Before turning to I Timothy as a possible starting point for a study of the role of women, it is well to comment somewhat further on the NT teaching concerning the equality of believers. Foundational to Paul's understanding of man are the twin teachings of the creation of man as the image of God and of the "recreation" of believers in the image of Christ (Acts 17:26; Romans 8:29; II Corinthians 5:17; Colossians 3:10,11). Paul's discussion of personal renewal in Christ (Colossians 3), of the gifts of the Spirit (I Corinthians 12), and even of marital distinctions (I Corinthians 7)[3], shows clearly that he saw an equality of the sexes with respect to their being and functioning as God's image. In this respect, then, Paul's teaching faithfully reflects that of Genesis 1:27: both sexes are the image of God.

Peter too discusses the equal relation of husband and wife with respect to redemption. I Peter 3:7 carefully identifies wives, women, as "joint heirs (sunkleronomoi) of the grace of life." It is of considerable importance to note that Peter's position resembles Paul's as described above in that Peter evidently feels no tension between the role distinctions upon which he insists in vv. 1-6 and the equality of sexes proclaimed in v. 7.[4]

B. I Timothy 2: Normative?

With the exception of the Methodist, Revivalist, and Pentecostal branches of the church, the Christian church has historically viewed I Timothy 2 as normative with respect to the role of women in the church. In recent years these historical conclusions have been questioned by various persons within Evangelical and Reformed churches. It has been held that Paul's instructions in I Timothy 2 are not properly made normative, but must rather be viewed as counsel for a given historical, cultural setting. If this view is adopted, it is, of course, appropriate to consider afresh whether women may serve as elders and pastors. Let us consider the setting and content of I Timothy 2 with the specific intention of discovering not only what is says, but also whether and/or in what respect(s) it should be viewed as culturally limited.

The Content of I Timothy: Culturally Limited?

It is generally accepted within conservative circles that Paul wrote I Timothy with the intention of providing Timothy with a clear statement on certain topics which were either specifically at issue or were typically at issue within his churches. The letter thus forms something of a "spiritual will" left by Paul for Timothy. Paul indicates that he hopes to come to Timothy, but fears that he may be long delayed (3:14-15a). Recognizing the possible delay, Paul writes, "I write these things to you. . . .that you may know how it is appropriate to behave in the household of God (pos dei en oiku theou anast rephesthai) which is the church of the living God, the pillar and ground of truth" (3:14a, 15b). It is not altogether clear whether these remarks are intended to refer to the letter as a whole, or to their immediate context. The former appears the more likely as the latter as a whole discusses conduct within the Body of Christ. However extensive the scope of the remark, it is clearly intended to include chapters 2 and 3.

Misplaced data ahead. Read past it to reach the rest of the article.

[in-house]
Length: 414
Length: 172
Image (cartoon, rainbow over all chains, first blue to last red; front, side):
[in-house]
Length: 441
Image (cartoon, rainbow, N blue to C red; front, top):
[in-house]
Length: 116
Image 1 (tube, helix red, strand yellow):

Paul's word choice in 3:14 has direct bearing on the problem of the normativity of chapter 2. Paul wrote, "pos. . . .dei anastrephesthai" (how. . . . it is fitting to behave oneself). Dei is an impersonal verb, generally translated "it is necessary," "one must," "one has to," "one should/ought." The New Testament use of the word always indicates a strong degree of necessity and generally indicates divinely based moral necessity. Paul uses it 24 times, the majority of which refer to historical necessities required by divine rule over history (e.g., Romans 1:27; I Corinthians 11:19; 15:25,53; II Corinthians 2:3; 5:10; I Thessalonians 4:1; I Timothy 3:2; 3:7; I Timothy 2:6, 24; Titus 1:7, 11). Paul's use of it in I Timothy 3:15 is presumptive evidence that he considered the information concerning conduct in the household of God normative. It remains, however, to be asked whether he considered this advice permanently normative or contextually normative.

Anastrephesthai (to conduct oneself) offers some help here, as does an examination of other subjects which Paul included as necessary conduct in God's household. Anastrephesthai (to conduct oneself) is a present infinitive, taking no person or number. Its use here lends a gnomic, abstract character to Paul's instructions. Owing to the lack of person and number, interpreters have had to decide whether Paul was referring to Timothy, or whether he intended a more general reference. Thus they have translated either "how you (sing.) ought to conduct yourself" (KJV), or "how men ought to conduct themselves" (ASV, Beck, NEB, NIV, Phillips, Williams); or "how one ought to conduct himself (NASV, RSV). The latter is perhaps to be preferred as it maintains Paul's ambiguity. With the exception of the KJV, translators are agreed that Paul's language is cast in a general form, that he instructs Timothy concerning how to conduct oneself in the family of God.